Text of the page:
Can you expect a pay rise in 2010?

Salary in 2009
© Myadria |

For many people, 2009 was a tough year. In a time when many companies were forced to implement hiring and salary freezes, as well as cut staff, most people were thankful to have jobs at all – even if that meant forgoing the usual pay rises and bonuses.

But now that the economic and employment situations are starting to show signs of recovery, what can we expect for 2010?

While most workers have ratcheted down their pay increase expectations in the wake of the economic downturn, a recent survey by the Melbourne Institute shows that Gen Y workers (those between 18 and 24) still expect their salaries to increase by almost 10 per cent this year – which is a lot more than the average 2.9 per cent rises expected by workers in general. Those aged over 50 years have the lowest expectations, anticipating only a one per cent increase over the next 12 months. Overall, 34 per cent of Australians expect their net pay to remain the same over the next year, while 8 per cent expect their annual salary to fall.

There’s no doubt that employers are feeling much more confident about the economy and salary increase projections have increased for the coming year compared to 2009 – but these increases are still well down on previous years. It seems that the expectations of Gen Y may be a little unrealistic, at least for the coming year.

The year that was

Australia’s average base salary increase for 2009 was 1.71 per cent, with 37 per cent of companies freezing salaries from late 2008 to mid-2009 – compare these figures to the pre-GFC levels in August 2008, when average base salary increases were greater than four per cent, with only two per cent of companies freezing salaries. Thirteen per cent of companies actually cut salaries during the last year.

Levels of salary increase depended on industry. Financial and insurance services were particularly hard hit, experiencing only a 2.1 per cent rise over the year to September compared to 4.5 per cent in 2008.

Manufacturing also decreased from 4.5 per cent to 2.1 per cent over the same time, and mining’s wages growth plummeted from 6.7 per cent over the year to June 2008, to 3.7 per cent.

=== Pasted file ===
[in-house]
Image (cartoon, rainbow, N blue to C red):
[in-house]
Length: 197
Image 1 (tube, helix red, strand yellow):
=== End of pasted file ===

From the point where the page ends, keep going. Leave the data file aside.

The Melbourne Institute has also reported that labourers and plant and machine operators suffered the worst pay growth in the last year as a result of the weak labour market.

To make matters worse, in July 2009 the Australian Fair Pay Commission left minimum wage rates untouched instead of according them the usual rise.

What to expect in 2010

According to a survey by Hewitt Associates, base salaries are projected to rise only slightly in most Asia-Pacific markets during 2010 – although they will be an improvement on the 2009 rates. The average base salary increase projection for 2010 for Australia is 3.01 per cent, compared to the global average of 2.88 per cent.

Salary freezes are set to thaw significantly. The number of companies freezing salaries is expected to plunge from 37 per cent in 2009 to 12 per cent in 2010. For companies with frozen salaries, 23 per cent planned to unfreeze them by the end of 2009.

If you were one of the unlucky ones whose salary was reduced, there’s a good chance this will be righted in 2010. Sixty four per cent of businesses plan to reinstate salaries back to their original levels and award base salary increases on the original, unreduced salary levels.

Not everyone will receive the same pay rises, however, even within the same company. By far the majority of organisations use variable pay programs, rewarding high performers according to individual performance. Companies realise that it is the high performers who will help lead them into recovery, so despite ongoing financial pressure, talent continues to be wooed and rewarded with special incentives.

Although many companies still can’t afford big pay increases for their staff, other perks can compensate for a lack of wage rise – such as more flexible working hours, extra training or study leave.

So if you failed to get the salary increase you expected last year, hang tight and don’t lose heart – 2010 is likely to be a better year for most employees.

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